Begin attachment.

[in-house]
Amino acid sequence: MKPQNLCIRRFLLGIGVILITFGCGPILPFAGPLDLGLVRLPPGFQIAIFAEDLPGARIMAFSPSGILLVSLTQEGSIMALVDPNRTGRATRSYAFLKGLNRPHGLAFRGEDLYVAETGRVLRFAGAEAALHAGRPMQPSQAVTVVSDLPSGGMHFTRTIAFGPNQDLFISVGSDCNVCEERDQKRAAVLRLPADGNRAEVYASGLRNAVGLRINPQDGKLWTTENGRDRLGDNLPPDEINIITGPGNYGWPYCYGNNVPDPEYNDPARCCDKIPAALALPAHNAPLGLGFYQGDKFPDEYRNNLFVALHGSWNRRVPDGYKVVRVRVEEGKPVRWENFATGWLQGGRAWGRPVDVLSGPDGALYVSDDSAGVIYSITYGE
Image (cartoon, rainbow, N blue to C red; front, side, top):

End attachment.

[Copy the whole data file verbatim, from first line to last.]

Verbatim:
[in-house]
Amino acid sequence: MKPQNLCIRRFLLGIGVILITFGCGPILPFAGPLDLGLVRLPPGFQIAIFAEDLPGARIMAFSPSGILLVSLTQEGSIMALVDPNRTGRATRSYAFLKGLNRPHGLAFRGEDLYVAETGRVLRFAGAEAALHAGRPMQPSQAVTVVSDLPSGGMHFTRTIAFGPNQDLFISVGSDCNVCEERDQKRAAVLRLPADGNRAEVYASGLRNAVGLRINPQDGKLWTTENGRDRLGDNLPPDEINIITGPGNYGWPYCYGNNVPDPEYNDPARCCDKIPAALALPAHNAPLGLGFYQGDKFPDEYRNNLFVALHGSWNRRVPDGYKVVRVRVEEGKPVRWENFATGWLQGGRAWGRPVDVLSGPDGALYVSDDSAGVIYSITYGE
Image (cartoon, rainbow, N blue to C red; front, side, top):